Part of the Landscape
Those who are looking for a home that doesn’t sit on a cul-de-sac filled with similar-looking homes on manicured lots that could be in Anytown, U.S.A. might be interested in this week’s unique property at 164 Little Park Road. The home, which fits in beautifully with the surrounding desert landscape, wouldn’t look appropriate anywhere else. The exterior is true adobe and rock, and many of the rocks that are part of the house, the patio or the surrounding walkways were pulled from the ground on which the house sits.
Although the home borrows a few Santa Fe style touches, like Saltillo tile flooring in the common areas and lathe and plaster interior walls painted in bright colors, it’s a true Grand Valley marvel. Built more than 60 years ago, the home has been meticulously maintained and treasured, and its age adds to the home’s character and style.
In addition to the main house, which has three bedrooms and two baths in more than 3,000 square feet, there are four casitas on the 3.75-acre property. One is a complete guest house, with a small kitchenette, a full bathroom and an open living/bedroom. Another is an artist studio, while the third casita is a playhouse and the fourth is used for tool storage. The casitas are all stone with wood accents, and they all look like historic structures that should be in a national forest somewhere in the southwest, as they’re surrounded by cacti, pinions and junipers.
The inside of the home is as unique as the outside, with architectural finishes and amenities that would simply be too costly to replicate today. The interior walls that aren’t lathe and plaster are stone, rustic wood or metal. The ceilings are a gray-toned aspen plank that has aged marvelously, while the floor in the living area is flagstone.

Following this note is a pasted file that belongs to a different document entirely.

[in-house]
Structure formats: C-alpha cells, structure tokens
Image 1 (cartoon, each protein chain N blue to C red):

The views from the living window are also impossible to replicate. Sitting above the Grand Valley off Little Park Road, the northern walls of the living area are all windows, with views that start in Palisade and run all the way to Mack. Because of the home’s unique position almost right next to Colorado National Monument, it has views of that, too.
The kitchen has bright tile countertops, an island with a sink and storage, great cabinetry and top-of-the-line stainless steel appliances, including a six-burner Wolf range. There’s a small, informal eating area next to the kitchen, and a larger, more formal dining area off the main living room.
The home has several fireplaces, including a large rock fireplace that serves as a partial wall separating the living area from a smaller, private sitting area. The living room also has access to the patio on the back side of the house, which features those same fabulous views, along with room for a table, two built-in barbecues, and a wood-burning stove. There’s also a stone walkway along the entire back of the house, with access doors to the master bedroom, the man cave, and the wine cellar.
The master bedroom is large, with a unique master bath that includes a sunken, traditional Japanese-style bathtub. The man cave, which is large enough for a pool table and an office suite, shares a wall with the master suite but must be accessed from the outside door. Likewise, the climate-controlled wine cellar, which shares a wall on the opposite side of the house with the private sitting area, must also be accessed from the outside.
The house has evaporative cooling and baseboard hot water heat, but the thick adobe and stone exterior walls tend to keep the interior of the house at a fairly moderate temperature, regardless of what the weather is outside.
Craig Huckaby with Bray Real Estate is listing this unique desert home for $699,000. There is no sign on the property, and the house is impossible to see from Little Park Road, but interested buyers are welcome to call the Huckaby Team at 970-640-9918.